Up until now, the Fair Work Act (which governs the laws of employment in Australia) did not define a ‘casual employee’, leaving it to the Courts to assess whether a casual employment relationship existed.
Following the decision in Workpac Pty Ltd v Rossato  FCAFC 84, employees who worked ‘regular, certain, continuing, constant and predictable’ shifts became entitled to receive the benefits and entitlements of full-time workers. This decision left many employers exposed to historic claims for unpaid entitlements due to misclassification of casual employment, despite already paying casual employees a 25% casual loading.
The recent amendments to the Fair Work Act (Act) now provide a clear statutory definition of what constitutes a casual employee and will apply retrospectively to protect employers from claims resulting from historical misclassification.
Definition of casual employee
According to section 15A of the Act, an employee will be a casual employee where:
- an offer of employment was made to the employee with no firm advance commitment to continuing and indefinite work according to an agreed pattern of work; and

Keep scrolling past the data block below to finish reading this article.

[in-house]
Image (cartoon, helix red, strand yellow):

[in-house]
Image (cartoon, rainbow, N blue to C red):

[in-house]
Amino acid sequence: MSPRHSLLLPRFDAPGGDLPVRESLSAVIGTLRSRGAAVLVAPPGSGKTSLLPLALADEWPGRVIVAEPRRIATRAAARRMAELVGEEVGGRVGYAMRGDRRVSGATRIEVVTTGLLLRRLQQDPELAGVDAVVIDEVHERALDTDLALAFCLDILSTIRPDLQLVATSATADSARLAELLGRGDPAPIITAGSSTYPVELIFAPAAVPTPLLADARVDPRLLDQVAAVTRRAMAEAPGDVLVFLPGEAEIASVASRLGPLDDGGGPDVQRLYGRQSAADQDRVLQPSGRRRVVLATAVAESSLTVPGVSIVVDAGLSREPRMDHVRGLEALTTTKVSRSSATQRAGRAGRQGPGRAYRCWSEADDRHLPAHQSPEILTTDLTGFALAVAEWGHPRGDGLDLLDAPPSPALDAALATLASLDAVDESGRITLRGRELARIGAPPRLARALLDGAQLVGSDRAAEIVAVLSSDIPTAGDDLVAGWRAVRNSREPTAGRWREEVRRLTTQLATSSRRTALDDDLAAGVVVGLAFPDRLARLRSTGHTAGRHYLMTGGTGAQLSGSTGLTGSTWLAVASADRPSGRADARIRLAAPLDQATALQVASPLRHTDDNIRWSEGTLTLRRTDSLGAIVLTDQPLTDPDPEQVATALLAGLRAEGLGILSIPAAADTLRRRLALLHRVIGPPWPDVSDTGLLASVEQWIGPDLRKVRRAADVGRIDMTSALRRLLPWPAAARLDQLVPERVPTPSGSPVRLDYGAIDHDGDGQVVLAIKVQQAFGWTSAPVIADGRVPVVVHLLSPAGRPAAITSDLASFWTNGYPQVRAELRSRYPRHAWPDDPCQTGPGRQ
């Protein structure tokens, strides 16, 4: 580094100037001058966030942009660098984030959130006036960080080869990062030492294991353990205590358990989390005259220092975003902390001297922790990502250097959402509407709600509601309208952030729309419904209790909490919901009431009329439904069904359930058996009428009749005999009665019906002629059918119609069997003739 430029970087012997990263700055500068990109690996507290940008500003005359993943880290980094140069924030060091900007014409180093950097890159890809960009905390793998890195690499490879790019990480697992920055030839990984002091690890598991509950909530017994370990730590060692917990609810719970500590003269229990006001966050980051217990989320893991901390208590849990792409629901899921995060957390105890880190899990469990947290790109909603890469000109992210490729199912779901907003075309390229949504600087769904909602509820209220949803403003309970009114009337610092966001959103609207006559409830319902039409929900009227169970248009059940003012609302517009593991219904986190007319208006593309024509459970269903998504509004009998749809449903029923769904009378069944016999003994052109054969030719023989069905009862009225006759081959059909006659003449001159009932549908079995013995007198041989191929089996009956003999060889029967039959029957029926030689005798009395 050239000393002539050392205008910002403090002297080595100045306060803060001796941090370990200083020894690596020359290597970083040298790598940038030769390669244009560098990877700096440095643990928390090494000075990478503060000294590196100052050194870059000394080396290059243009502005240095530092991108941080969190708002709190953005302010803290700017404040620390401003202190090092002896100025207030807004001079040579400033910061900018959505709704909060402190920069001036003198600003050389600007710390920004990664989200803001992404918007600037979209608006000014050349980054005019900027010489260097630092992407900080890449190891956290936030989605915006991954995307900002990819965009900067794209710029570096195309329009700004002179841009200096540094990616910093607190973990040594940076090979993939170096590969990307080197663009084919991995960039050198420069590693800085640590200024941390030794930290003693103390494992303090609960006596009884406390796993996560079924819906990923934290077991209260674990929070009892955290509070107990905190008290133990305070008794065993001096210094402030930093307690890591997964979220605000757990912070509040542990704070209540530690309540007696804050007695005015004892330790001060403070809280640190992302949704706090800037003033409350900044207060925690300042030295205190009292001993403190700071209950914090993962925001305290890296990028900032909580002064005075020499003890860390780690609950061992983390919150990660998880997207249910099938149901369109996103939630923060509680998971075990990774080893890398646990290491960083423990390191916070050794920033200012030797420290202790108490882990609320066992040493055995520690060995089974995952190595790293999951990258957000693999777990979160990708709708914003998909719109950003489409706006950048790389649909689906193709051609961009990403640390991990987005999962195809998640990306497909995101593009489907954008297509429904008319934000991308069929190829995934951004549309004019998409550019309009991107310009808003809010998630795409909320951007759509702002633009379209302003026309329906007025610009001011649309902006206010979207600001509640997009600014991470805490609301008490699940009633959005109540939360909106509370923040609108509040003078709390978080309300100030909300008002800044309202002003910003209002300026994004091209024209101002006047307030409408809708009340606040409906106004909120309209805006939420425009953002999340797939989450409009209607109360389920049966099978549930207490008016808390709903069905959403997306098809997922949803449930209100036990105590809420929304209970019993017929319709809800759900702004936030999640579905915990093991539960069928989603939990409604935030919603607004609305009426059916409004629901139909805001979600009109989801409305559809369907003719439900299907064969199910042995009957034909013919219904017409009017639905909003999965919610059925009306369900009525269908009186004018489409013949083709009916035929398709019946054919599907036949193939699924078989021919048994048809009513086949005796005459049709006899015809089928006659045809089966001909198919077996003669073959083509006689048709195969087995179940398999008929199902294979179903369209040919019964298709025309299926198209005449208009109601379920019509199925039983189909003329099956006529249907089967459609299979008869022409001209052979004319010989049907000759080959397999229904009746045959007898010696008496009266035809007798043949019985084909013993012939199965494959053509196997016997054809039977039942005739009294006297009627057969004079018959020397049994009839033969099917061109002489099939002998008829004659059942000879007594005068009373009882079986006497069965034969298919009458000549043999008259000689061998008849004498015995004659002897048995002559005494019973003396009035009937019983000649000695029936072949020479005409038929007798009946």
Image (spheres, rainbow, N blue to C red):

- the offer is accepted on that basis.
To determine whether the employment meets this definition, the following factors must be considered:
- whether the employer can elect to offer work and whether the employee can elect to accept or reject work;
- whether the employee will work only as required;
- whether the employment is described as casual employment; and
- whether the employee will be entitled to a casual loading or specific rate of pay for casual employees under the terms of the offer or any applicable Award or Enterprise Agreement.
Importantly, it is only the nature of the offer and acceptance at the time of the offer that are to be considered when assessing where a casual employment relationship exists. Subsequent conduct throughout the employment relationship is no longer taken into account.
Employees hired on a casual basis will remain a casual employee until the employment is converted to permanent employment. See earlier article on casual conversion.
Offset casual loading
If an employee is found to have been misclassified as a casual, the Act now allows the employer to offset the 25% casual loading already paid to the employee against any entitlements, such as leave and notice, that arise following the misclassification.
This offset is welcomed by employers.
Casual Employment Information Statement
The Fair Work Ombudsman has published a new Casual Employment Information Statement which employers are required to provide to all casual employees. This can be downloaded from the Fair Work Ombudsman website.